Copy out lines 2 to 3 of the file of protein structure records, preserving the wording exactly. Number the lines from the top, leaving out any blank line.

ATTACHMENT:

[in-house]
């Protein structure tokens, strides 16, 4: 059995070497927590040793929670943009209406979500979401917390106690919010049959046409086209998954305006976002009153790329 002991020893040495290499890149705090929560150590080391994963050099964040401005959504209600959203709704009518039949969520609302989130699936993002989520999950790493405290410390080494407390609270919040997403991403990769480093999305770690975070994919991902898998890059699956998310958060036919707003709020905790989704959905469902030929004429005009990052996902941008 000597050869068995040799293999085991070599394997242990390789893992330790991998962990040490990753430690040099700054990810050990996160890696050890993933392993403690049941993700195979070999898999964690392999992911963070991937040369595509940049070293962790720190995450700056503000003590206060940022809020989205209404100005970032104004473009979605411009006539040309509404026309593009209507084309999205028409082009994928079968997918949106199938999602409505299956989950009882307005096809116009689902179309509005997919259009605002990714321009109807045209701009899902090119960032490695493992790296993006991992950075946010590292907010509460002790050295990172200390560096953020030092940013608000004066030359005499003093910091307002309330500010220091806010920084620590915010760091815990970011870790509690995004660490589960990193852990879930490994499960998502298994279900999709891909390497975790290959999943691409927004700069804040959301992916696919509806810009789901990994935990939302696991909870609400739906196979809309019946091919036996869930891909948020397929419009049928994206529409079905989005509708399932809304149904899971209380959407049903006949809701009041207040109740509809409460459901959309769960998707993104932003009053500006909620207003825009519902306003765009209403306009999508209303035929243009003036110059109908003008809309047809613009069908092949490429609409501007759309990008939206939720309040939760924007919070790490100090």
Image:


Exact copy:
């Protein structure tokens, strides 16, 4: 059995070497927590040793929670943009209406979500979401917390106690919010049959046409086209998954305006976002009153790329 002991020893040495290499890149705090929560150590080391994963050099964040401005959504209600959203709704009518039949969520609302989130699936993002989520999950790493405290410390080494407390609270919040997403991403990769480093999305770690975070994919991902898998890059699956998310958060036919707003709020905790989704959905469902030929004429005009990052996902941008 000597050869068995040799293999085991070599394997242990390789893992330790991998962990040490990753430690040099700054990810050990996160890696050890993933392993403690049941993700195979070999898999964690392999992911963070991937040369595509940049070293962790720190995450700056503000003590206060940022809020989205209404100005970032104004473009979605411009006539040309509404026309593009209507084309999205028409082009994928079968997918949106199938999602409505299956989950009882307005096809116009689902179309509005997919259009605002990714321009109807045209701009899902090119960032490695493992790296993006991992950075946010590292907010509460002790050295990172200390560096953020030092940013608000004066030359005499003093910091307002309330500010220091806010920084620590915010760091815990970011870790509690995004660490589960990193852990879930490994499960998502298994279900999709891909390497975790290959999943691409927004700069804040959301992916696919509806810009789901990994935990939302696991909870609400739906196979809309019946091919036996869930891909948020397929419009049928994206529409079905989005509708399932809304149904899971209380959407049903006949809701009041207040109740509809409460459901959309769960998707993104932003009053500006909620207003825009519902306003765009209403306009999508209303035929243009003036110059109908003008809309047809613009069908092949490429609409501007759309990008939206939720309040939760924007919070790490100090």
Image: